Physics happens! There’s no getting around it – bows behave badly at the frog and the tip, without attention to gravity and bow weight. Changing direction and crossing strings can complicate the smooth ride. It may be as simple as the need for more weight at the upper half and less weight at the frog. However, fine tuning such a transition requires a sensitivity to when the balance of weight changes.
Do you read the signals that your bow is too heavy, or that the hair is barely touching the string? Do you adjust accordingly?
Some violinists sense those changes and adjust to them instinctively, while others don’t observe them unless they’re pointed out. Scratchy and bumpy results follow a disregard for physics.
It reminds me of the near catastrophic adventure I had with a rollercoaster, the "Desperado" at Buffalo Bill’s in Nevada. Although I met the age and height requirement, I failed at having rudimentary rollercoaster sense.
My "physics deficit disorder" ran roughshod through my body, which needed to go with the flow, or at the very least, acknowledge it. Instead, I kept my body rigid -- while the rollercoaster had other plans for it.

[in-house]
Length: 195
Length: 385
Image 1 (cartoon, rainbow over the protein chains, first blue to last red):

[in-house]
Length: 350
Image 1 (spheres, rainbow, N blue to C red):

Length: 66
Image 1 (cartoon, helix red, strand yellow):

I spent the night in the emergency room and learned how lucky I was that I hadn’t damaged my kidneys. I missed two weeks of work in the orchestra, all because I didn't understand the simple maxim of movement: "Go with the flow; when your body slams to the left, don’t try to stay in the middle." Amusement park rides don’t come with such instructions, however. I probably wouldn’t have listened if they had.
There I sat, at the end of the ride - good posture, sitting dead center, and with my hands dutifully and firmly gripping the bar – exactly the opposite of what I should have looked like.
This painful lesson in physics has implications for the bow arm: it must also go with the flow, easing up at the frog, relaxing into the tip, moving fluidly to support string crossings. But how do you know what is around the next bend? Here are a few tips for getting in touch with your inner sense of physics, so that your bow can go with the flow.
Exercise for Learning to "Go with the Bow"
No matter what your bowing style is, whether your elbow is high or low, you’ll have the best results if the movements are free and unimpeded. Try this exercise to highlight and observe the altitude of your bow and arm, while keeping all other conditions the same. Without knowledge of how the bow arm glides in the air currents above the strings, all sorts of sagging may take place.
Here are a few reminders about things that can go wrong with the bow arm in terms of weight and balance. Violinists develop their own personal language that warns them about too much pressure, or not enough bonding between the hair and the string. These are the more prevalent occurrences, and just putting them on a list is a good start.
And just for your amusement: the rollercoaster that landed me in the hospital!
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